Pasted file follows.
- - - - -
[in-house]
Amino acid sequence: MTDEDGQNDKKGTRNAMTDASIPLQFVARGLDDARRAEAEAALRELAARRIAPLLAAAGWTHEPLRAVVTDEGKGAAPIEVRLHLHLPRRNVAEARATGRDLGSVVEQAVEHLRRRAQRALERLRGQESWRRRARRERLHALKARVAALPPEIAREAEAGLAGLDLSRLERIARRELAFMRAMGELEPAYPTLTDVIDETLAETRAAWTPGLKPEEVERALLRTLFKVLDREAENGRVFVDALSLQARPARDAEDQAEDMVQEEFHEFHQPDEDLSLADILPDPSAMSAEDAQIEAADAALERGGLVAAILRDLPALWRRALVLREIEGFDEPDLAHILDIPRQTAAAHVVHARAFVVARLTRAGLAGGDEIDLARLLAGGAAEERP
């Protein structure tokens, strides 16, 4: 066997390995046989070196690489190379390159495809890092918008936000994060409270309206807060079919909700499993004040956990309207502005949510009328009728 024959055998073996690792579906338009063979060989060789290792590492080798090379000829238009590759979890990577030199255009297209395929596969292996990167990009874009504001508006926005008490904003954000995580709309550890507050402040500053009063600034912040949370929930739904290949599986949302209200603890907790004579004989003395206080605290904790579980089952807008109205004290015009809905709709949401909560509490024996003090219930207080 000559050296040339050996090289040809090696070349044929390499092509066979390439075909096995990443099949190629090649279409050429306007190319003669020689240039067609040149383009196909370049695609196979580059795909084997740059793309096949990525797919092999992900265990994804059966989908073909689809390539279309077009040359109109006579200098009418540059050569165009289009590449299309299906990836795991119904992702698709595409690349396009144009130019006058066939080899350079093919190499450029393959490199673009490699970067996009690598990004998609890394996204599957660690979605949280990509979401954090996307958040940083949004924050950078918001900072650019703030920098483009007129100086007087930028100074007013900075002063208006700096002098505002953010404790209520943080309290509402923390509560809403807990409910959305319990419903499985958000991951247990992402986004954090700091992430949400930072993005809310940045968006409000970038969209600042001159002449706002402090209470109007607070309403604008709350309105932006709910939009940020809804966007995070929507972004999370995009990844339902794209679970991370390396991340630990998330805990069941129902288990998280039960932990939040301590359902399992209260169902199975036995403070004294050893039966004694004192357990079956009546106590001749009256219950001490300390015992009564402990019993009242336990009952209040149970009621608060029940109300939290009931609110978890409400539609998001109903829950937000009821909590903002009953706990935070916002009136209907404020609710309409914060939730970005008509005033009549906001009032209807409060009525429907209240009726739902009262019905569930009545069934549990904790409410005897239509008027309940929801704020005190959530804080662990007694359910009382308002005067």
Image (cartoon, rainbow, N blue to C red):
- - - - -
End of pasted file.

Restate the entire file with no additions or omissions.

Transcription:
[in-house]
Amino acid sequence: MTDEDGQNDKKGTRNAMTDASIPLQFVARGLDDARRAEAEAALRELAARRIAPLLAAAGWTHEPLRAVVTDEGKGAAPIEVRLHLHLPRRNVAEARATGRDLGSVVEQAVEHLRRRAQRALERLRGQESWRRRARRERLHALKARVAALPPEIAREAEAGLAGLDLSRLERIARRELAFMRAMGELEPAYPTLTDVIDETLAETRAAWTPGLKPEEVERALLRTLFKVLDREAENGRVFVDALSLQARPARDAEDQAEDMVQEEFHEFHQPDEDLSLADILPDPSAMSAEDAQIEAADAALERGGLVAAILRDLPALWRRALVLREIEGFDEPDLAHILDIPRQTAAAHVVHARAFVVARLTRAGLAGGDEIDLARLLAGGAAEERP
């Protein structure tokens, strides 16, 4: 066997390995046989070196690489190379390159495809890092918008936000994060409270309206807060079919909700499993004040956990309207502005949510009328009728 024959055998073996690792579906338009063979060989060789290792590492080798090379000829238009590759979890990577030199255009297209395929596969292996990167990009874009504001508006926005008490904003954000995580709309550890507050402040500053009063600034912040949370929930739904290949599986949302209200603890907790004579004989003395206080605290904790579980089952807008109205004290015009809905709709949401909560509490024996003090219930207080 000559050296040339050996090289040809090696070349044929390499092509066979390439075909096995990443099949190629090649279409050429306007190319003669020689240039067609040149383009196909370049695609196979580059795909084997740059793309096949990525797919092999992900265990994804059966989908073909689809390539279309077009040359109109006579200098009418540059050569165009289009590449299309299906990836795991119904992702698709595409690349396009144009130019006058066939080899350079093919190499450029393959490199673009490699970067996009690598990004998609890394996204599957660690979605949280990509979401954090996307958040940083949004924050950078918001900072650019703030920098483009007129100086007087930028100074007013900075002063208006700096002098505002953010404790209520943080309290509402923390509560809403807990409910959305319990419903499985958000991951247990992402986004954090700091992430949400930072993005809310940045968006409000970038969209600042001159002449706002402090209470109007607070309403604008709350309105932006709910939009940020809804966007995070929507972004999370995009990844339902794209679970991370390396991340630990998330805990069941129902288990998280039960932990939040301590359902399992209260169902199975036995403070004294050893039966004694004192357990079956009546106590001749009256219950001490300390015992009564402990019993009242336990009952209040149970009621608060029940109300939290009931609110978890409400539609998001109903829950937000009821909590903002009953706990935070916002009136209907404020609710309409914060939730970005008509005033009549906001009032209807409060009525429907209240009726739902009262019905569930009545069934549990904790409410005897239509008027309940929801704020005190959530804080662990007694359910009382308002005067």
Image (cartoon, rainbow, N blue to C red):